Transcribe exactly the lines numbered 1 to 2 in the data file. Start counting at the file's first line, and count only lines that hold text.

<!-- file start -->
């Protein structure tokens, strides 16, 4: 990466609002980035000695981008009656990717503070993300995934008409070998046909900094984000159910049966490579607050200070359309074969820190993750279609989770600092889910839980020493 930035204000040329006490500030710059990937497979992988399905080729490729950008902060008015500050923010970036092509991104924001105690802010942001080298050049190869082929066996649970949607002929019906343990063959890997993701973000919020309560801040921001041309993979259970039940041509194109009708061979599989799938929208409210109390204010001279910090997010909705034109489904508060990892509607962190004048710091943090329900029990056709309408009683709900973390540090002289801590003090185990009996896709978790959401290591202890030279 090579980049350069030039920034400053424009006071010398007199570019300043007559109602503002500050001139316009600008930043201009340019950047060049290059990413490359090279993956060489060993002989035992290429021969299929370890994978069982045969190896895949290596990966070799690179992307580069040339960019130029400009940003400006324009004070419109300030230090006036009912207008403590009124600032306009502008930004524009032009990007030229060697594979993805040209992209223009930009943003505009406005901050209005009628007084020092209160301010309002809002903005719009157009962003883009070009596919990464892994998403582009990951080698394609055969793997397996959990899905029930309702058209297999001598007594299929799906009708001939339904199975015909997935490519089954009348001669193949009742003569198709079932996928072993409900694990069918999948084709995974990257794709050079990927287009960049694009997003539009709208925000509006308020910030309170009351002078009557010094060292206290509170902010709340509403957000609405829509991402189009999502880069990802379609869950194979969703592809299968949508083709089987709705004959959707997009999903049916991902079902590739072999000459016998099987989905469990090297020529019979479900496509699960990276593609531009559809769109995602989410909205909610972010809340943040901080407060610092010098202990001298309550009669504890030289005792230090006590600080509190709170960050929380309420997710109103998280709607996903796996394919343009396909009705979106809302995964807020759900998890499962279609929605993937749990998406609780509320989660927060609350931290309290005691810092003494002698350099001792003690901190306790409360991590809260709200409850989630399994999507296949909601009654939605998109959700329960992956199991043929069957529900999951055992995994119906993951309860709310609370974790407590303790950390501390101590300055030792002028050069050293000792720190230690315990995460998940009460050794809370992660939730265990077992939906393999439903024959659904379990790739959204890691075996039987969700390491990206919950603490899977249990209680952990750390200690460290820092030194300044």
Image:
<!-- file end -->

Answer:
């Protein structure tokens, strides 16, 4: 990466609002980035000695981008009656990717503070993300995934008409070998046909900094984000159910049966490579607050200070359309074969820190993750279609989770600092889910839980020493 930035204000040329006490500030710059990937497979992988399905080729490729950008902060008015500050923010970036092509991104924001105690802010942001080298050049190869082929066996649970949607002929019906343990063959890997993701973000919020309560801040921001041309993979259970039940041509194109009708061979599989799938929208409210109390204010001279910090997010909705034109489904508060990892509607962190004048710091943090329900029990056709309408009683709900973390540090002289801590003090185990009996896709978790959401290591202890030279 090579980049350069030039920034400053424009006071010398007199570019300043007559109602503002500050001139316009600008930043201009340019950047060049290059990413490359090279993956060489060993002989035992290429021969299929370890994978069982045969190896895949290596990966070799690179992307580069040339960019130029400009940003400006324009004070419109300030230090006036009912207008403590009124600032306009502008930004524009032009990007030229060697594979993805040209992209223009930009943003505009406005901050209005009628007084020092209160301010309002809002903005719009157009962003883009070009596919990464892994998403582009990951080698394609055969793997397996959990899905029930309702058209297999001598007594299929799906009708001939339904199975015909997935490519089954009348001669193949009742003569198709079932996928072993409900694990069918999948084709995974990257794709050079990927287009960049694009997003539009709208925000509006308020910030309170009351002078009557010094060292206290509170902010709340509403957000609405829509991402189009999502880069990802379609869950194979969703592809299968949508083709089987709705004959959707997009999903049916991902079902590739072999000459016998099987989905469990090297020529019979479900496509699960990276593609531009559809769109995602989410909205909610972010809340943040901080407060610092010098202990001298309550009669504890030289005792230090006590600080509190709170960050929380309420997710109103998280709607996903796996394919343009396909009705979106809302995964807020759900998890499962279609929605993937749990998406609780509320989660927060609350931290309290005691810092003494002698350099001792003690901190306790409360991590809260709200409850989630399994999507296949909601009654939605998109959700329960992956199991043929069957529900999951055992995994119906993951309860709310609370974790407590303790950390501390101590300055030792002028050069050293000792720190230690315990995460998940009460050794809370992660939730265990077992939906393999439903024959659904379990790739959204890691075996039987969700390491990206919950603490899977249990209680952990750390200690460290820092030194300044």
Image: